But can i really expect to have all that clarity immediately which i had a day later and after a not so perfect first attempt.


do others have hints that have worked for them, or do we just have to forgive ourselves for not having all the clarity and best ways we could have said things immediately , but only a day later or after a not so perfect first attempt.

thanks

FRancine
 
I probably could have avoided feeling so shocked and stressed in a minor situation recently if i reminded myself that its probably just a miscommunication or misunderstanding, that with a bit of talking could be clarified/resolved.

Francine, you sound stressed and you post is confusing.

Have you recently started working?

You need to work out if this 'situation' is worth getting yourself into a state over.

Perhaps you need to relax more and read into things less. You then might be able to communicate with more ease.

If not, your thoughts will be all over the place and your point will not come across as clearly (like in this post).

Sorry I can't be of more help.
 
People say always talk in person not in writing, because in writing tone can be easily misinterpreted. what we write factually, unless its really softened in some way can come across harshly in writing, or even verbally.
Do you always try to follow this rule of talking in person and not in writing?
I actually prefer email, as I can usually communicate a more concise message when I get the chance to think about, and if necessary, reword my response.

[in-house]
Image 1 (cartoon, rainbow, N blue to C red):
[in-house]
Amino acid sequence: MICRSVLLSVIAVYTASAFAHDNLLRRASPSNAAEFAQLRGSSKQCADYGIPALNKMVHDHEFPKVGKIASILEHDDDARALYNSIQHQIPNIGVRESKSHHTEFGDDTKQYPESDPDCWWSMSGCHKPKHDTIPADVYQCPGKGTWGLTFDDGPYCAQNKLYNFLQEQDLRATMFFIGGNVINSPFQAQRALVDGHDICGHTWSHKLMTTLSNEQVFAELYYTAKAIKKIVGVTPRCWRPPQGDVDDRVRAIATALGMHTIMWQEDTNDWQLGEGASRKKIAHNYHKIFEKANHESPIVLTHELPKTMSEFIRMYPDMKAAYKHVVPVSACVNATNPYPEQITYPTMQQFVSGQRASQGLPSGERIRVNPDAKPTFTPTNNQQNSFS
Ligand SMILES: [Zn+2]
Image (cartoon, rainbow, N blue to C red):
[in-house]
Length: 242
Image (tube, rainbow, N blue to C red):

Can we always feel confident to talk easily clearly in person while still feeling the initial shock/stress.

And if there's "shock/stress" involved, leave it until you've calmed down.

Just my 2c worth - all comments without completely understanding the context of the OP.
 
do others have hints that have worked for them, or do we just have to forgive ourselves for not having all the clarity and best ways we could have said things immediately , but only a day later or after a not so perfect first attempt.

thanks

FRancine

I think this is the option I've resigned myself too
 
I find that using the model espoused by Marshall Rosenberg in "Non-Violent Communication" is very helpful in preventing escalation:

1) "When ..." - describe the trigger, in unemotive language without interpretation. eg "When you said that I had to work this Saturday"

2) "I felt ..." - describe how you feel, but don't blame anybody else for your feelings. So "I felt disappointed because I had made plans already." (Not "You made me feel..."; nobody else "makes" us feel anything. :))

3) "I need ..." - state the need that you have which wasn't met, which generated the feeling. "I need the certainty of knowing in advance when I'll be required to work on weekends."

4) "Would you be willing ...?" - make a request to try and resolve things. It has to be a request, not a demand. eg "Would you be willing to give me at least one week's notice in future?" or "Would you be willing to consider whether there's somebody else who could work on Saturday?"
 
Top